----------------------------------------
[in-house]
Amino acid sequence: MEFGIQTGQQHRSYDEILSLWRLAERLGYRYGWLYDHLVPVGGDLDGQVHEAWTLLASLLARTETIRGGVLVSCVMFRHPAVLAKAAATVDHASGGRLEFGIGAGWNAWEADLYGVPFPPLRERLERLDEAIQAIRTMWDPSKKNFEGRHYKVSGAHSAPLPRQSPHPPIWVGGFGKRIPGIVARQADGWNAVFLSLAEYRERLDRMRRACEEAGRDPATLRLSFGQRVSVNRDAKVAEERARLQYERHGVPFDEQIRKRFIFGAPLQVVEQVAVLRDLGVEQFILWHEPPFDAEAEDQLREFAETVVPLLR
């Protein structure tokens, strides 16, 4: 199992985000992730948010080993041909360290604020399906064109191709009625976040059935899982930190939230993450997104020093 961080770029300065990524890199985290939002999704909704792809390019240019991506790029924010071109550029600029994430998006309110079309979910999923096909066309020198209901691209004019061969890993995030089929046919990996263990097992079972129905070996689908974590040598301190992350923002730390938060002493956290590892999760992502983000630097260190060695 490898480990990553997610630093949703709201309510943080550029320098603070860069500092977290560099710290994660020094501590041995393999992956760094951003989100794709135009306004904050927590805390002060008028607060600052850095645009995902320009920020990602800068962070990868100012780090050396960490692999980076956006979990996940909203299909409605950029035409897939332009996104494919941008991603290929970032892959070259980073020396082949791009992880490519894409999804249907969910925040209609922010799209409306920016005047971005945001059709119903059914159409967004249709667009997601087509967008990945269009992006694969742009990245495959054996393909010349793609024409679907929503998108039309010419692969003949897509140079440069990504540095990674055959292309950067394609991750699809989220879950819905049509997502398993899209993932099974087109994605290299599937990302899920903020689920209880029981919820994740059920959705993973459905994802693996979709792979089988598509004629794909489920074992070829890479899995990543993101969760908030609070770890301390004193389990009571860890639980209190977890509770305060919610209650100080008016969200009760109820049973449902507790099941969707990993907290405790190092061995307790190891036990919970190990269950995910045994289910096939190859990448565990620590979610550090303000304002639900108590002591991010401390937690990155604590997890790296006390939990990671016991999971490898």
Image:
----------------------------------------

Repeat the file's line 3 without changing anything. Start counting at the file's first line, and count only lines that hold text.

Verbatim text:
């Protein structure tokens, strides 16, 4: 199992985000992730948010080993041909360290604020399906064109191709009625976040059935899982930190939230993450997104020093 961080770029300065990524890199985290939002999704909704792809390019240019991506790029924010071109550029600029994430998006309110079309979910999923096909066309020198209901691209004019061969890993995030089929046919990996263990097992079972129905070996689908974590040598301190992350923002730390938060002493956290590892999760992502983000630097260190060695 490898480990990553997610630093949703709201309510943080550029320098603070860069500092977290560099710290994660020094501590041995393999992956760094951003989100794709135009306004904050927590805390002060008028607060600052850095645009995902320009920020990602800068962070990868100012780090050396960490692999980076956006979990996940909203299909409605950029035409897939332009996104494919941008991603290929970032892959070259980073020396082949791009992880490519894409999804249907969910925040209609922010799209409306920016005047971005945001059709119903059914159409967004249709667009997601087509967008990945269009992006694969742009990245495959054996393909010349793609024409679907929503998108039309010419692969003949897509140079440069990504540095990674055959292309950067394609991750699809989220879950819905049509997502398993899209993932099974087109994605290299599937990302899920903020689920209880029981919820994740059920959705993973459905994802693996979709792979089988598509004629794909489920074992070829890479899995990543993101969760908030609070770890301390004193389990009571860890639980209190977890509770305060919610209650100080008016969200009760109820049973449902507790099941969707990993907290405790190092061995307790190891036990919970190990269950995910045994289910096939190859990448565990620590979610550090303000304002639900108590002591991010401390937690990155604590997890790296006390939990990671016991999971490898």